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Dizzy with Success - lenin and stalin

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Introduction

Lenin once observed that Stalin had a tendency to "make a rotten compromise in order then to deceive." In other words, he was willing to make tactical retreats in order to lull his rivals or his enemies into a false sense of security. These concessions were meant to be temporary- not, as he would have enemies believe, genuine changes of heart. Nowhere was this propensity for deceit more clearly displayed than during his article of March 2, 1930, Dizzy With Success. Stalin, in addition to passing responsibility for his mistakes on to "some of our comrades," deliberately lied to the peasants by insisting that the organized terror and theft that had hitherto characterised the collectivisation was completely contrary to his wishes. This was a crucial tactical retreat in Stalin's attempts to crush and collectivise the Soviet peasantry. A brief chronology of the preceding years is necessary to place all this in context. From 1918-20 the Bolsheviks were engaged in a bloody civil war. The ravaged state of the country at the end of this struggle, combined with foreign opposition and further internal unrest in 1921, illustrated that their grip on power was uncertain. Lenin, seeing the need to rebuild the economy and appease the people, instigated the New Economic Policy (or NEP), which allowed for the limited reintroduction of capitalism. This measure worked, but most Bolsheviks regarded the NEP as only a temporary piece of pragmatism. ...read more.

Middle

"But successes have their seamy side, especially when they are attained with comparative 'ease'- 'unexpectedly,' so to speak. Such successes sometimes induce a spirit of vanity and conceit: 'We can achieve anything!' 'There's nothing we can't do!' People not infrequently become intoxicated by such successes; they become dizzy with success, lose all sense of proportion and the capacity to understand realities; they show a tendency to overrate their own strength and to underrate the strength of the enemy; adventurist attempts are made to solve all questions of socialist construction 'in a trice.'" So Stalin has now blamed his own idea of crash collectivisation- his own desire to do everything "in a trice"- on certain "people" imbued with "a spirit of vanity and conceit." This is a lie. He then adds to this lie by promising to punish those responsible. "Hence the Party's task is: to wage a determined struggle against these sentiments, which are dangerous and harmful to our cause, and to drive them out of the Party. It cannot be said that these dangerous and harmful sentiments are at all widespread in the ranks of our Party. But they do exist in our Party, and there are no grounds for asserting that they will not become stronger. And if they should be allowed free scope, then there can be no doubt that the collective-farm movement will be considerably weakened and the danger of its breaking down may become a reality. ...read more.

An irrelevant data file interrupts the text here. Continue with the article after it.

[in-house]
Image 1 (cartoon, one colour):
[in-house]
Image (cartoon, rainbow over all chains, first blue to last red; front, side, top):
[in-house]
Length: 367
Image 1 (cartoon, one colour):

Conclusion

'There's nothing we can't do!' They could have arisen only because some of our comrades have become dizzy with success and for the moment have lost clearness of mind and sobriety of vision. To correct the line of our work in the sphere of collective-farm development, we must put an end to these sentiments. That is now one of the immediate tasks of the Party. So Dizzy With Success marked a retreat by Stalin in his war on the peasantry. While some peasants no doubt believed that they had taught Stalin that their centuries old way of life could not be altered by force, he had actually learn a different lesson; he had concluded not that he needed to abandon collectivisation, but instead that he needed to massively increase his terror to implement it. As a result the peasants- especially those in the Ukraine- paid a terrible price in the next few years for their earlier resistance. Stalin decided to deliberately starve the Ukrainian peasantry into submission; seven million were to die in the next three years. By such means, he finally managed to collectivise the Soviet Union. Another statement by Khatayevich, spoken to an activist in 1933, speaks for itself. "A ruthless struggle is going on between the peasantry and our regime. It's a struggle to the death. This year was a test of our strength and their endurance. It took a famine to show them who is master here. It has cost millions of lives, but the collective farm system is here to stay. We've won the war. ...read more.

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